How Hard Is It To Adopt in Australia: The Assessment Process
So how hard is it to adopt in Australia? Adoption laws from each state and territory govern the adoption assessment process. For instance, in NSW, the assessment process is based on the requirements in the Adoption Act 2000 (NSW). Ultimately, the assessment process puts the child’s best interests first and regards the rights of the child as superior over the adoptive parents’ expectations.
An independent assessor usually conducts the assessment proceeding. Generally, assessment takes about three months, which includes a thorough and fair assessment of your capability and eligibility to adopt a child.
If you are deemed suitable, your name will be added to your state or territory’s Register of approved prospective parents. If you are not deemed suitable, you will be informed of the reasons why your application was denied. In NSW, the Adoption Act 2000 allows prospective parents to lodge a review of the unfavourable decision.
If you filed for an intercountry adoption, your assessment report will be sent to an overseas program for their assessment of your eligibility. You will then be contacted regarding the next steps and procedures you need to follow, including further documentation needed. You must inform the authorities of intercountry adoptions of any significant change in your circumstances for your assessment report to be updated.
The prospective adoptive parents receive all relevant information about a child in an interview prior to placement. The child comes to stay with you once your application gets approved. Child protection measures such as an ongoing placement (post-adoptive support) is provided to help you and the child with the transition.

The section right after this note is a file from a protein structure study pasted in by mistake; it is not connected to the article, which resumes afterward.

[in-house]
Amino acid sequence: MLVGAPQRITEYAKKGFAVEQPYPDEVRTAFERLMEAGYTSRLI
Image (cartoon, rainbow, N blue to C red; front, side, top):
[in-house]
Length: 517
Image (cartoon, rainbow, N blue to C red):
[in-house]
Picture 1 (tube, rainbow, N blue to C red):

Adoption By Same-Sex Couples
How hard is it to adopt in Australia for same-sex couples? In 1994, Western Australia (WA) passed legislation to allow same-sex couples to adopt. The Adoption Act 1994 (WA) allowed same-sex couples to undergo assessment as adoptive parents under the same eligibility criteria as heterosexual applicants. Decades later, in 2018, every jurisdiction in Australia now allows same-sex couples to adopt.
The Importance of Seeking Legal Advice
Couples choose to adopt for various reasons – they have suffered a loss of a child, or they couldn’t get pregnant due to medical reasons. However, legally, Courts consider the best interests of the child, not the emotional needs of the prospective adoptive parents.
In some cases, an open adoption occurs, meaning the child still remains in contact with the birth parents, all for the best interests of the child. This article only provides a general overview of the adoption process in Australia and how hard is it to adopt in Australia.
While there are numerous steps you must complete when adopting a child, the adoption process is difficult for good reasons. A thorough process ensures that a child is emotionally and legally up for adoption because this has lifelong consequences for adopted children and adoptive families.
Thus, we highly advise acquiring legal services. JB Solicitors has a leading team of expert family lawyers that can help with your situation. We provide market-leading advice specifically tailored to your needs. We can assist you through every step of local adoptions, and the adoption process in general.
Do you have any more queries on how hard is it to adopt in Australia? Contact us today.